Written in 1974, but not performed until 1980, David Storey's Early Days eschews both the macho world of rugby league – as seen in his novel This Sporting Life and his play The Changing Room – and the social realism of marquee erection and dismantling (The Contractor), and concentrates instead on an elderly man's fragile state of mind.

For Sir Richard Kitchen life was once full of certainties. His career took him to the heart of things. He was, quite possibly, a cabinet minister, but nothing is clear any longer, except random memories of his childhood. His wife, whom he often feels is still alive, kept everything in perspective for him, and he was accustomed to being respected, and in control.

He is now watched over by a hired former soldier (Max Gold), a bullying son-in-law (Andrew MacDonald) and a daughter (Abigail Bond) who can barely keep her exasperation at bay. He can no longer make sense of what he is, or was, and engages in mental duels with those around him.

But he can't keep it up for long, and relapses into rueful silences. It is a poignant study of psychological decline, and the ways in which one's nearest and dearest come to express their affection through hostility rather than kindness.

There is a more than a hint of comparison with Pinter's No Man's Land, also written in 1974, in which an older, establishment figure is protected/imprisoned by two mysterious servants. There is a similar sense of unease underlying everything, and of deep symbolism in the sparse physical surroundings, though in the case of Sir Richard Kitchen, it is a bleak garden patio rather than a gloomy mansion.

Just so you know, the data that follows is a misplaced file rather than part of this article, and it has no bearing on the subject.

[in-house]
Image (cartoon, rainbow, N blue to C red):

Kitchen passes the time by making little speeches to himself. "Speeches are my fate. I shall come to your factory and make a speech", he declares to his son-in-law. He still has a wry sense of humour, though he is not certain of its purpose. He observes everyone else strutting about, going from A to B, as if going from A to B is exactly what they planned to do. He is bemused by their confidence and their sense of dogged intent.

This is therefore one hell of a part, and requires a subtly nuanced, wistful, mischievous, quicksilver performance if the play is to get up off its knees and engage us as it should. Simon Molloy makes a brave stab at it, but doesn't have the full armoury at his disposal. He is watchful and bantering by turns, but doesn't get to the heart of a once eminent man foiled, finally, by his own failing memory and the loss of a wife he mistreated and drove into the arms of another.

This is an elegiac play, and a quietly touching portrayal of the bafflement of old age. It is directed by Tim Newns in celebration of Storey's 80th birthday (on 13 July) and it is a worthy tribute. But on this showing it falls short of its full emotional impact.

- Giles Cole